Here We Go 1,2,3….
Celtic Folkicana Never Sounded Finer.
We don’t much like Folk Music much here at Rocking Magpie Towers; but we always make an acceptation for the Princess of Co. Kildare who now resides in Bonny Scotland….Miss Heidi Talbot.
This is her fifth album and unlike her previous discs seems to have a more ‘International and even Cosmopolitan flavour’ to it.
The title track Here We Go 1, 2, 3 opens the proceedings with Heidi’s beautiful voice being complimented by the lone drone of a harmonium (?) in the background before a couple more acoustic instruments including some pleasing fiddle playing, glide into the background to create a lo-fi haunting backing.
Heidi’s songwriting has always been ‘interesting’ none more so than the gently intense The Year That I Was Born; which features husband John McCusker on harmonies, is the first track to transcend her British/Irish Folk background, as it sounds like an intoxicating blend of Appalachian and Canadian hill music.
This interpretation of Natalie Merchant’s Motherland is as deep and dark as I’ve heard on a Heidi Talbot album; featuring some exquisite acoustic guitar picking in the background as the singer sounds like she is fighting back the tears as she pledges her love as a mournful trumpet plays in the background.
There are three songs here that I’ve become rather smitten with; first is Tell Me, Do You Ever Think Of Me? A story that will resonate with many of us in our more doleful and lonely moments.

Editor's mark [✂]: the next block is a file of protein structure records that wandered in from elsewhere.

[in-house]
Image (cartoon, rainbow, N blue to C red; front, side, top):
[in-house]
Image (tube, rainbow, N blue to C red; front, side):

Then there is Chelsea Piers; a co-write with Duke Special and a bright new direction for Ms. Talbot as she sounds like several of my favourite 70’s bedsit singer-songwriters.
But my choice for ‘favourite track’ has to go to A Song For Rose (will you remember me) written for her Mother and featuring her and her elder daughter singing a soft lullaby at the fade. It’s been that kind of year for me where songs like this reduce me to mush…..and I can’t resist pressing ‘repeat.’
For me this album is best listened to late at night, with the lights down low and either a strong cup of tea or an alcoholic drink to hand. As many of the songs sound very personal; intrusive even at times which is no surprise when you find out the 8 songs Heidi contributed were written at a time while she was pregnant, subsequently giving birth to a second daughter, helping build the studio the album was recorded in at the same time she was nursing her dying Mother. None of which actually makes for a sad album. Even the outwardly sad songs always have an uplifting edge to them somewhere, making them bittersweet and easy on the ear (and heart) which is why Heidi Talbot is a very rare talent that should be celebrated by a much wider audience.
Released September 23rd 2016